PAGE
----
Sunday, August 18, 2013

Using Rom Collection Browser to play NES games on XBMC 12 with Ubuntu

XBMC is by far my favorite IPTV software. I run it in my living room and use it to play my music collection and easily watch my entire DVD collection without ever needing to pop in CDs or DVDs. All my media is stored in a hard drive on my home server.

I had toyed around with using the Rom Collection Browser plugin to play Nintendo games, but getting it working right is not a trivial task. After a lot of messing around I finally have it working right. These instructions are using XBMC 12 on Ubuntu 13.10 and fceux for the emulator.

First things first. Never run with the version of XBMC packaged for Ubuntu. Team XBMC keeps an up to date version in their ppa at You can set it up with the following commands.
sudo add-apt-repository ppa:team-xbmc/ppa
sudo apt-get update
sudo apt-get install xbmc
Next we need fceux to act as our NES emulator. You could install fceux with the following command.
sudo apt-get install fceux
However, I wanted to have the latest version of fceux. Since a ppa does not seem to be available I figured out how to compile it from source. It is not very hard and I have full instructions here. Whether you choose to use the version from apt or compile it should not affect it working with the following instructions. If you do install it from apt and have issues let me know in the comment section and I will look in to it for you.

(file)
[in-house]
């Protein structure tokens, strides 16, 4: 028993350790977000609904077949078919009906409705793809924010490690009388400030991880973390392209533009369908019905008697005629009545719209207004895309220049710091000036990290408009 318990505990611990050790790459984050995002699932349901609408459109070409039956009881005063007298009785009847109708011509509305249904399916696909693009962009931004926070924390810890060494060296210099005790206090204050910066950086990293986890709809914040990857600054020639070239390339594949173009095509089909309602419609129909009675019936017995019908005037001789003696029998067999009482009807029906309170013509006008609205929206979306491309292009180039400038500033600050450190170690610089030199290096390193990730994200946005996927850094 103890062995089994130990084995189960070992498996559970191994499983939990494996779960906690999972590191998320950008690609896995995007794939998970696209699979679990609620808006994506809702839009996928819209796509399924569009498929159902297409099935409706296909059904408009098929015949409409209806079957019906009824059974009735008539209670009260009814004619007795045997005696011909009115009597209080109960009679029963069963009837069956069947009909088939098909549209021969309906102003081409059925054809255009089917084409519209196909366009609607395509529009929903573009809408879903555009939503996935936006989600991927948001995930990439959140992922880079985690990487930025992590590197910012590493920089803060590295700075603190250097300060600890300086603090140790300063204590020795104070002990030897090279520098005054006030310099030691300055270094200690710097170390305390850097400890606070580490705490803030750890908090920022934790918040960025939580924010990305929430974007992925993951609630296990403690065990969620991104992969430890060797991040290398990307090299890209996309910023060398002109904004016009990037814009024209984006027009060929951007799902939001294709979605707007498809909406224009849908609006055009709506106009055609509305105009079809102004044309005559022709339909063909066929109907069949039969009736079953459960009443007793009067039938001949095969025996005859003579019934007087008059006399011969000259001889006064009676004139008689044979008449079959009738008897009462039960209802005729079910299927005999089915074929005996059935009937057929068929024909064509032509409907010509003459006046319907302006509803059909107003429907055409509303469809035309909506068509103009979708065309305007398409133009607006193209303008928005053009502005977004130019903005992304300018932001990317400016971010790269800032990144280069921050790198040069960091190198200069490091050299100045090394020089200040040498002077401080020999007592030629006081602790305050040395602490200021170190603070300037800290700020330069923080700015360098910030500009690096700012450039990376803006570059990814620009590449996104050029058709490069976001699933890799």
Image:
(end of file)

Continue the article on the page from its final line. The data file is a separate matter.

Now that our system is setup we need to fire up XBMC. Choose Programs from the strip and then "Get More..." select "Rom Collection Browser and install it.

The first time you launch it you will get a menu asking you to create a config file. Choose Yes. Next choose "Scrape game info and artwork online." For the platform select NES.

Now it needs to know where the emulator is located at. Select "Root filesystem". Next choose the usr directory, followed by the bin directory. In here scroll down until you find fceux. Select it and click OK.

Your emulator params should be as follows.
-f 1 -x 1440 -y 900 "%ROM%"
You will need to change the 1440 and 900 to match your screen resolution. It can be any resolution your monitor/TV supports. The best way to get it is to either go to the Displays section in the Ubuntu Settings screen, or in XBMC under SYSTEM→Settings→System→Video output→Resolution.

Finally it ask you to tell it where you save your game roms. Usually it will be somewhere in your home folder so select "Home Folder" and browse down from there. When asked for the file mask type use *.nes, unless you keep all of your roms in a zip file, in which case choose *.zip. Theoretically you could use *.zip, *.nes but I had problems getting this to work. YMMV. I choose to just keep all my roms uncompressed since they are so small anyways.

The next question asks you about where to store artwork. You can create a separate directory for the artwork if you like. I chose the same directory as the roms. It creates subdirectories to store the art anyways. How you want to handle this is up to you.

Lastly, answer No when asked if we want to add another rom collection.